Join Cole Mercer for an in-depth discussion in this video What is a hypothesis?, part of Designing and Running Experiments for Product Managers.
- Hey, guys, welcome back to the course. All right, so we have a big, bad list of assumptions that we've made about our proposed feature or product. And in that big, bad list, we've identified the order and the priority in which we should figure out, hey, is this true? Now your goal at this point is to steadily and methodically start testing these assumptions one by one, and ruling them out as potential issues that could blow up down the road. But we can't do that until we first solve a new problem we have.
An assumption list is just a raw list of things we roughly think need to be true for the success of our product. These assumptions are not precise, and they're not particularly actionable. If I said, Go build an MVP that tests the assumption of people are satisfied parking in a garage, you would probably say, I don't know what you're talking about. We need something we can more easily work with. We need to take our assumptions, flesh them out a little bit more, and roll them together into their much more specific and easier to deal with sibling, the hypothesis.
So what is a hypothesis? It's a single, written, testable statement of what you believe to be true with regards to the assumption you've identified. Now I know that's a mouthful so let's break it down and explain it a little bit more. Let's say that we had identified that people are not satisfied with parking in a garage as a particularly hairy assumption we were making. Now remember, this is from that xerox example that we covered previously. Check that one out if you're lost.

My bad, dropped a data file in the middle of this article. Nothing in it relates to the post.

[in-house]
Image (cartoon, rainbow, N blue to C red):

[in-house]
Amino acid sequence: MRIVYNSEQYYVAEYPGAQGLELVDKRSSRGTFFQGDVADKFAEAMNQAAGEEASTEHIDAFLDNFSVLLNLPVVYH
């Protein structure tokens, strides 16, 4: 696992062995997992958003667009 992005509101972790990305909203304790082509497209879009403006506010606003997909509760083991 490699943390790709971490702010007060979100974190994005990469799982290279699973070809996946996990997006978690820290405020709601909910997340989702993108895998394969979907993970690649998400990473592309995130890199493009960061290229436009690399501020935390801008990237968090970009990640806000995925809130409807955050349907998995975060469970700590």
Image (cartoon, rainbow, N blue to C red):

We would probably think of running some sort of test to see if that assumption was true. It could be as simple as doing street surveys of people leaving garages on a Friday night. Or maybe it's an ad we run that says, Parking in garages suck. And we see who responds to that ad. Or maybe we plan to pitch an alternative and how many people will then vote with their feet and start using the parking garages. The point here, though, is that it doesn't matter yet, how we get our data and how we run our test.
The simple fact is that we cannot construct a test around people are not satisfied with parking. We need to get more specific. We need to identify who, exactly, we think are unsatisfied, how unsatisfied they are, and potentially things like why we think they're unsatisfied. All of this information is crucial for you to understand. Now there's a reason why MVPs are more correctly called MVP experiments. And, yes, if you say, Oh my god, Evan, look at my MVP, I'm going to correct you, because, come on.
Now because we don't want to waste an of our resources pursuing our new product or feature, we need to treat this entire process like a science experiment. And the best way to focus our efforts is on one, singular hypothesis, something we can try to prove true. Hypothesis brings clarity not only to you, but the rest of your team. If you skip this stage, you run the risk of, down the road, forgetting what exactly you're trying to do in the first place. So in the next couple lectures, we're going to try to cover how to put these together.
As a matter of strategy, it's going to be up to you whether or not you want to build a hypothesis for every single assumption you have, or you want to build a hypothesis that, if proven true, could rule out several assumptions, killing multiple assumption birds with one MVP stone. We'll cover both, stay tuned.
Instructors Cole Mercer and Evan Kimbrell show how nail down your business hypothesis and define the minimum criteria for success. They introduce the tools and techniques you need to build email-based MVPs, shadow buttons, "coming soon" messaging, piecemeal MVPs that use existing tools, and even concierge MVPs, where you solve the customer's problem without coding anything. They also show how to evaluate the results of your testing and iterate on the design—building better products as you go.